My dad used to create slideshows with family or nature scenery photos mixed with some of his favorite music. He made the first one in 2009, and in the last few months of his life he increased the frequency and focus. He would create a theme like, “father and son”, and pick a song to represent the photos. He’d email us a link when he was ready to share them, there are about thirty slideshows total. They are very special.
The day before his memorial service, I found a DVD tucked in the back of his desk drawer with a Post-It that had his first name and date of birth on it. It was a slideshow that he had not shown to anyone. The theme was favorite moments of his own life and the song he picked was a fairly obscure Marvin Gaye song called “If I Should Die Tonight.” The lyrics, and Marvin Gaye’s tone, work to convey a sense of comfort to loved ones left behind. I think it is especially targeted to a romantic partner, but anyone listening can glean that the intended message is a clarity and peace around mortality. On my days when I feel super spiritually connected, I get it. On the days when I’m like, “what the hell is going on with this whole life and death situation” I feel frustrated. And every day, no matter what, I miss my dad.
Recently, on the weekend just after what would have been his 67th birthday, I woke up at 5:23am on Saturday morning with one thought: “get on a bike and go to the Lincoln Memorial”. I know the exact time because my second thought was, “am I crazy, what time is it”, and I grabbed my phone. It felt crazy, but I sat up, considered it, and then got up and dressed. By 5:45am, I was pulling the rented bike out of the kiosk, and I was on my way. Although this was only the second time I had ridden a bike in about twenty years, the trip down to the Lincoln Memorial was uneventful, good exercise, and I got there in thirty minutes.
At the memorial, for a few minutes, it was just me and a park ranger. The view towards the Washington Monument and the Capitol was gorgeous. The lights of the buildings lit a band of clouds that created a soft gray background. I sat for a few minutes and then took a picture when strips of blue sky started to peek through and over the clouds. More people started to gather and sit on the steps, and I noticed a few photographers. I wasn’t sure why they had gathered, but really wanted a peaceful and solo moment so I posted the picture on Facebook and headed to the back of the memorial. It was 6:24am. At the back of the memorial I was able to sit, listen to music on Pandora, read from A Course in Miracles, and just soak in a quiet moment. After about another 30 minutes I felt calm and grateful and decided to leave.
When I got to the front of the memorial, I discovered that the small crowd had gathered to watch the sunrise. I was literally stunned by the view. The soft grays and blues were replaced by a brilliant gold and orange color that tinted the entire sky. The reflection pool basked in the glory of its purpose and created an illusion that there was no division between the heavens and the earth. I sat down with everyone else and proceeded to take pictures.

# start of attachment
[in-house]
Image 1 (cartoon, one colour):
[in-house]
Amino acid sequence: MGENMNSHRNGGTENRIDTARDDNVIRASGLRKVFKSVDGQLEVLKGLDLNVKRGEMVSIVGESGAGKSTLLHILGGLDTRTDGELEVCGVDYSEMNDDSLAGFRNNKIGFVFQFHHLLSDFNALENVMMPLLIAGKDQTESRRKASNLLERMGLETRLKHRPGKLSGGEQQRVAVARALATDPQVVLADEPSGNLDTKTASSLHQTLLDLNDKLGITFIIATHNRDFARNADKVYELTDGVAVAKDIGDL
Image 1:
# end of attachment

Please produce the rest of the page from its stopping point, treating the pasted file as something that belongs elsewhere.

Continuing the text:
When the sun took position behind the Washington Monument, the beauty of the silhouette was breathtaking. I captured a few more pictures and then sat quietly. I knew that it was a miracle moment. By the time it all ended it was around 7:20am.
I was filled with so much joy that I decided to walk to the Martin Luther King, Jr. Memorial which is just a few minutes away and a favorite place to visit when I want to remember my dad. He believed so deeply in Dr. King’s philosophies and my childhood was filled with his glorious speeches. My dad was so proud to have donated money towards the building of the memorial. Sadly, he died the week before he was scheduled to visit DC and never got to see it in person. When I visit, there are always crowds of people so it isn’t necessarily peaceful or quiet, but it brings me a sense of comfort.
So that morning, I’m walking to the memorial and when I get about half a block away, Marvin Gaye’s song, “If I Should Die Tonight” came on Pandora. It stopped me in my tracks. Of all the songs in Pandora’s playlist, this song came on? I couldn’t believe it but I kept walking, and listened to the words.
The song ended when I got to the Memorial, at about 7:30am. I was shocked because only two other people, a couple from Sweden, were at the site. I offered to take a picture so they could stand in front of the statue together, we made small talk, and when they left, I was alone. I took pictures. The sky behind the memorial was an incredibly beautiful shade of blue. And then I looked behind me and realized that the sun had moved position just over the water and I took my last picture. It was 7:40am.
In about a two hour time-frame I experienced what I’ll forever refer to as my sun day miracle moment. I wanted to share this with others who go through struggles because what I realized that morning is that God, the Universe, our angels and ancestors (or whatever one chooses to call that beautiful energy) work together to get our attention. It is up to us to notice. I think these moments can be obvious, like sun day, but also I think the more nuanced miracle moments in life often get lost in our day-to-day. I really want to notice them more and more. For me, they are the moments when I realize that I am going to be okay, and I have the right and responsibility to define what that means in my lifetime.
There is an inscription on one side of the MLK memorial that says, “Out of the Mountain of Despair, a Stone of Hope.” Yes, yes, and yes.